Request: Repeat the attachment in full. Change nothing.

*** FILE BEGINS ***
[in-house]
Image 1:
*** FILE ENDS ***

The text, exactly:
[in-house]
Image 1: